Decided November 3, 1903.
If a stairway which constitutes the only means of exit from a factory is so constructed as to be unsuitable for use by servants at night unless repaired or artificially lighted, it is the duty of the master, in the exercise of ordinary care, to make it reasonably safe, either by providing lights or by remedying the construction; and this duty is one personal to the master, from which he cannot relieve himself by delegating its performance to another. Whether a servant, who is compelled by the exigencies of the case to use an unlighted and defective stairway as a means of exit from the master's premises, knows and appreciates the danger to which he is thereby exposed, and voluntarily assumes the risk of injury, is a question of fact for the jury.
CASE, for personal injuries. Trial by jury. At the September term, 1902, of the superior court the defendants' motion for a nonsuit was granted by Peaslee J. and the plaintiff excepted.
Shannon Young, for the plaintiff.
Jewell, Owen Veazey, for the defendants.
Shannon Young, for the plaintiff.
Jewell, Owen Veazey and Streeter Hollis, for the defendants.
It was the duty of the defendants, in the exercise of reasonable care and diligence, to provide and maintain a safe and suitable stairway by which the plaintiff, as their servant, could go to and from his place of work in the mill. Fifield v. Railroad, 42 N.H. 225; Jaques v. Company, 66 N.H. 482; Fitzgerald v. Company, 155 Mass. 155; Mahoney v. Dore, 155 Mass. 513. Inasmuch as the defendants operated their mill at night, it is claimed that the stairway should then have been lighted to render it reasonably safe. If the stairway was unsuitable for the use of the defendants' servants at night because its defective construction, taken in conjunction with the darkness, made it dangerous, it might be found to have been the defendants' duty, in the exercise of ordinary care, to make it reasonably safe, either by suitably lighting it or by remedying the construction; and this was a personal duty from which they could not relieve themselves by delegating its performance to another.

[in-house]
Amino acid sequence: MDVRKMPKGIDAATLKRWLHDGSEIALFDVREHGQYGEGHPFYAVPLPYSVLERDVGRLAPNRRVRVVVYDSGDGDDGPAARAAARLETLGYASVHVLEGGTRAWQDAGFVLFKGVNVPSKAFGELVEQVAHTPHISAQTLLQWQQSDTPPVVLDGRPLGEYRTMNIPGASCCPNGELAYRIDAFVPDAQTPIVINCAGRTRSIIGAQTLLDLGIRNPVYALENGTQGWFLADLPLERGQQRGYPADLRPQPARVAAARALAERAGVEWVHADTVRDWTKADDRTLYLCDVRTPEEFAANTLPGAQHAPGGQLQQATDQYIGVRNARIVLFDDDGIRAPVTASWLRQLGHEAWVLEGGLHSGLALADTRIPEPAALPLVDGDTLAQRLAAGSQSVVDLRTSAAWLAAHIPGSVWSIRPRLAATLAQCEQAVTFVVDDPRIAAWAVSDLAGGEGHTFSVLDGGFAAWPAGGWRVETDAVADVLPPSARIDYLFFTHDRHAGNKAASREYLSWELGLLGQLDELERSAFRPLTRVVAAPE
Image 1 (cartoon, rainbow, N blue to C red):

The evidence was that the plaintiff and seven other spinners, after finishing their work at nine o'clock in the evening, regularly came down the stairway from the third floor of the mill; that no other way was provided for them; that the stairway was winding, steep, narrow, and worn; that the treads of the stairs varied in width, being narrowest on the inside of the curve; and that the defendants had placed lamps, which were usually lighted at night, over the stairs. On the night in question, when the plaintiff and the other workmen had finished their labors they put out the lights over their machines, as was their custom, and started to go out of the mill. On reaching the stairway they found it was dark, but proceeded to go down and out, the plaintiff going on the outside of the curve, where the treads of the stairs were widest, steadying himself with his hand against the wall, there being no railing on that side of the stairway. When part way down he slipped, fell, and was injured. Reasonable men could conclude from this evidence that the defendants required their servants to use this stairway at night; that its construction, in conjunction with the darkness, rendered its use dangerous; that the defendants themselves so regarded it; that their neglect to make the stairway safe for such use was the proximate cause of the plaintiff's injury; and that, under the circumstances, he was exercising due care in undertaking to use the stairway (the only means provided for leaving the mill) and in his conduct while using it.
Did the plaintiff voluntarily assume the risk of the defendants' negligence? "One does not voluntarily assume a risk, within the meaning of the rule that debars a recovery, when he merely knows there is some danger, without appreciating the danger." Mundle v. Company, 86 Me. 400, 405; Demars v. Company, 67 N.H. 404. One cannot be said, as a matter of law, to assume a risk voluntarily, though he knows the danger and appreciates the risk, if at the time he was acting "under such an exigency, or such an urgent call of duty, or such constraint of any kind, as in reference to the danger deprives his act of its voluntary character" (Mahoney v. Dore, supra); or if, after discovering the master's neglect, he "has no opportunity to leave the service before the injury is received." Olney v. Railroad, 71 N.H. 427, 431.